Not to mention the fact that one cannot invoke executive privilege to cover up one’s own crimes or the crimes of the president. And Meadows has revealed much about his conversations and interactions with Trump in his recently published book. The law generally deems that a public disclosure of information waives any legal privilege that information might otherwise enjoy.
Finally, even if Meadows did believe he had a viable privilege to assert, the way to do so is to appear in front of the House, answer all questions that do not include privileged information (or information that has already been revealed in his book or in interviews hawking his book), and then invoke the privilege on any questions that actually seek privileged information. Rather than follow this accepted and lawful path, Meadows just decided to blow off the subpoena altogether, an act imminently worthy of a criminal contempt referral.
Meadows isn’t the only one struggling with what course to chart through the congressional contempt waters. Jeffrey Clark, one of Trump’s former DOJ officials who provided election officials in battleground states with a blueprint to overturn the election results, went from saying he will cooperate with the committee to storming out of the committee hearing without announcing his intention to invoke his Fifth Amendment right. John Eastman, the Trump lawyer who wrote a bizarre six-point roadmap to overturn the election’s results, a memo that he himself later described as “crazy,” initially announced he would simply defy any congressional subpoena. Eastman now appears set to also invoke his Fifth Amendment right against self-incrimination.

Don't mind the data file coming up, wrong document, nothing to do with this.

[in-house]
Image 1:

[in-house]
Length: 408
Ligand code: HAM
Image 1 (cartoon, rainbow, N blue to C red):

The Bannons, Meadows, Clarks and Eastmans of this shameful national saga seem motivated by everything and anything other than a desire to tell the truth.
One thing seems tragically clear: The Bannons, Meadows, Clarks and Eastmans of this shameful national saga seem motivated by everything and anything other than a desire to tell the truth about what they know regarding an unprecedented attack on our U.S. Capitol, our legislators and our democracy.
Some witnesses may be making choices based on their personal aversion to spending time in a jail cell. Others may care more about their future professional or employment prospects. Some are perhaps driven by book sales, or a belief that portraying oneself as the victim can drive podcast listens and donations.
It all has the air of desperation about it. Luckily, it seems the House select committee remains determined to investigate the insurrection fully and thoroughly. As Rep. Lynn Cheney, the Wyoming Republican and a co-chair of the committee recently announced, “We anticipate next year, we will be conducting multiple weeks of public hearings, setting out for the American people in vivid color exactly what happened, every minute of the day on Jan. 6th, here at the Capitol and at the White House, and what led to the attack.” Here’s hoping that the evasive, disruptive and even criminal conduct of the witnesses does nothing to alter the committee’s path.